nullPentecost 4, 2018 Proper
Immanuel Lutheran Church, Hamilton, Ohio
Pastor Kevin Jud
June 17, 2018
Ezekiel 17:22-24, 2 Corinthians 5:1-10, Mark 4:26-34

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A few weeks ago we celebrated Trinity Sunday.  God being one God and three persons is one of the great mysteries of the Christian faith, but not the only one.  How does the Son of God assume a human nature into Himself?  Jesus is not half God and half man, but fully God and fully man.  Through this humanity, God is able to experience death – even death on the cross.  Through this divinity, the human Son is able to give us His body and blood in the Sacrament, no matter where we are.  How does this work?  We don’t know.  I suspect that even if God told us how it is done, we still wouldn’t understand.  It’s a mystery.

Consider some of the mysteries of the Holy Spirit.  How does the Holy Spirit take a rebellious, sinful human being and work faith in the heart?  People balk at the idea that babies can have faith, but, in fact, faith in Jesus Christ at any age is a miracle of the Holy Spirit.  Given that an adult has had many years to build up a defense against the Holy Spirit, the miracle of conversion may be greater in an adult than it is in an infant.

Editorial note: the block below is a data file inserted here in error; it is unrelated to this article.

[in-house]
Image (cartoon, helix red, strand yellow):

Mysteries abound in the Christian faith.  God has given His Word to the apostles and prophets.  In His Word, He has revealed mysteries that are beyond our understanding.  We may not understand them, we may not even like some of them, but we believe them because God has given them to us in His Word.

The parables in today’s Gospel reveal two mysteries to us.  The first parable teaches about the mystery of faith.  The second parable teaches of the mystery of Christ’s Body, the Holy Christian Church.

The first parable is about seed growing in a field.  Modern scientists know a lot about how plants grow and mature from seeds, but back in the first century when Jesus told this parable, these things were mysteries.  You threw the seed on the ground and after a while, it sprouted and grew and matured.  How?  No one knew.  These things happened automatically without the help of the farmer.  The farmer went about his regular business and the plants just grew.

Even though we know how and why plants grow, the farmer’s job has not changed that much.  We have more machinery to help with the work, but the basics are still the same.  The farmer plants the seed, does what he can to provide a healthy environment with fertilizers and pesticides, but in the end, there isn’t a whole lot the farmer can do to force the seeds to germinate, grow, or mature.  The farmer can provide a healthy environment for the seed to grow, but the growth itself comes from inside the seed just as it always has.

Mark 4:26 (ESV) 26 And [Jesus] said, “The kingdom of God is as if a man should scatter seed on the ground.[1]  Here Jesus wants us to compare the seed to the Word of God.  The man who scatters the seed is anyone who shares the Word of God with others.  When you confess your faith to other people, you are that man scattering seed.  Every time I tell someone that I am a poor, miserable sinner who deserves punishment and then tell them how Jesus died on the cross so that I receive the joy of heaven instead of that punishment, I am that man scattering seed.